NASA Researchers Use Imaging Radar to Detect Coastal Pollution

Mar 18, 2005
NASA Researchers Use Imaging Radar to Detect Coastal Pollution

A NASA-funded study of marine pollution in Southern California concluded space-based synthetic aperture radar can be a vital observational tool for assessing and monitoring ocean hazards in urbanized coastal regions.

Image: European Remote Sensing 1 satellite radar image depicting natural oil seeps in the Santa Barbara Channel off Coal Point, California, Jan. 13, 1996. Image credit: ESA

"Clean beaches and coastal waters are integral to Southern California's economy and lifestyle," said Dr. Paul DiGiacomo, an oceanographer at NASA's Jet Propulsion Laboratory, Pasadena, Calif. He is lead author of the study recently published in the Marine Pollution Bulletin. "Using Southern California as a model system, we've shown existing high-resolution space-based radar systems can be used to effectively detect and assess marine pollution hazards. This is an invaluable tool for water quality managers to better protect public health and coastal resources," he said.

DiGiacomo and colleagues from JPL; the University of California, Santa Barbara; and the University of Southern California, Los Angeles, examined satellite radar imagery of the coastal waters of Southern California. The area is adjacent to 20 million people, nearly 25 percent of the U.S. coastal population. The imaging radar data from the European Space Agency's European Remote Sensing Satellites 1 and 2 and Canada's Radarsat were complemented by shore- based surface current radar data and other field measurements.

"The key to evaluating and managing pollution hazards in urban coastal regions is accurate, timely data," DiGiacomo said. "Since such hazards are usually localized, dynamic and episodic, they're hard to assess using oceanographic field sampling. Space-based imaging radar works day and night, regardless of clouds, detecting pollution deposits on the sea surface. Combined with field surveys and other observations including shore-based radar data, it greatly improves our ability to detect and monitor such hazards," he said.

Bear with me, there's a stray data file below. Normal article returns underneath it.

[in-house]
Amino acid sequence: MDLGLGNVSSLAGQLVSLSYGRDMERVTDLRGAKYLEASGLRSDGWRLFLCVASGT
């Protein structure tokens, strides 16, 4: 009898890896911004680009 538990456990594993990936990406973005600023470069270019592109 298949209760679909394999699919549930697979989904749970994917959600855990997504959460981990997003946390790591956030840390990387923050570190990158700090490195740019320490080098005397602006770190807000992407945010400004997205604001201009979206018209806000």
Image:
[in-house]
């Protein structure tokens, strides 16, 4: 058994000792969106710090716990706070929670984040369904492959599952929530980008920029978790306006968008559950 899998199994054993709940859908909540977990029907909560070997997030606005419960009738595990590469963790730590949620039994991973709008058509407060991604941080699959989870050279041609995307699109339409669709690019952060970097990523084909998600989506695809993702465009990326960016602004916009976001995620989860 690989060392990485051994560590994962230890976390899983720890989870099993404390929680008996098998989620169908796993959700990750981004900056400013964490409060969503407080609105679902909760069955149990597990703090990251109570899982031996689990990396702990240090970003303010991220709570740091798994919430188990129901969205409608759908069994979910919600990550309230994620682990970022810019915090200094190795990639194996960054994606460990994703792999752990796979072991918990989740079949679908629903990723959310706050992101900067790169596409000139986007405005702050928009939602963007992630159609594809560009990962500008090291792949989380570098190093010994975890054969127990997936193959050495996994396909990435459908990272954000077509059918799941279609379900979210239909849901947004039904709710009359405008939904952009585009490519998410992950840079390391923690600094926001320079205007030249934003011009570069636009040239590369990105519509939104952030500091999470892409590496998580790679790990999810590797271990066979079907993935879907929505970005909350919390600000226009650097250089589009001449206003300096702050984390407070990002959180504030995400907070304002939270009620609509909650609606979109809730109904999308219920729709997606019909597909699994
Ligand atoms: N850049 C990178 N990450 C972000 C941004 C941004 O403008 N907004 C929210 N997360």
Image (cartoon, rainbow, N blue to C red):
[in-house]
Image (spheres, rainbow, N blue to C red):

The study described three major pollutant sources for Southern California: storm water runoff, wastewater discharge and natural hydrocarbon seepage.

"During late fall to early spring, storms contribute more than 95 percent of the region's annual runoff volume and pollutant load," said JPL co-author Ben Holt. "Californians are accustomed to warnings to stay out of the ocean during and after storms. Even small storms can impact water quality. Radar data can be especially useful for monitoring this episodic seasonal runoff," he said.

DiGiacomo noted a regional Southern California marine water quality monitoring survey is under way involving JPL and more than 60 other organizations, including the Southern California Coastal Water Research Project. Its goal is to characterize the distribution and ecological effects of storm water runoff in the region. Space radar and other satellite sensor data are being combined, including NASA's Moderate Resolution Imaging Spectroradiometers. The sensors provide frequent observations, subject to clouds, of ocean color that can be used to detect regional storm water runoff and complement the finer resolution but less frequent radar imagery.

The second largest source of the area's pollution is wastewater discharge. Publicly owned treatment works discharge daily more than one billion gallons of treated wastewater into Southern California's coastal waters. Even though it is discharged deep offshore, submerged plumes occasionally reach the surface and can contaminate local shorelines.

Natural hydrocarbon seeps are another local pollution hazard. Underwater seeps in the Santa Barbara Channel and Santa Monica Bay have deposited tar over area beaches. Space imaging radar can track seepage on the ocean surface, as well as human-caused oil spills, which are often affected by ocean circulation patterns that make other tracking techniques difficult.

Further research is necessary to determine the composition of pollution hazards detected by radar. "From imaging radar, we know where the runoff is, but not necessarily which parts of it are harmful," Holt said. "If connections can be established, imaging radar may be able to help predict the most harmful parts of the runoff."

While the researchers said environmental conditions such as wind and waves can limit the ability of space radar to detect ocean pollution, they stressed the only major limitation of the technique is infrequent coverage. "Toward the goal of a comprehensive coastal ocean observing system, development of future radar missions with more frequent coverage is a high priority," DiGiacomo said.

Source: NASA

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